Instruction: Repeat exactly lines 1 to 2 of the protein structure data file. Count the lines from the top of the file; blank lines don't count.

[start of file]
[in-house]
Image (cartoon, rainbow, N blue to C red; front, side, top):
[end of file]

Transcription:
[in-house]
Image (cartoon, rainbow, N blue to C red; front, side, top):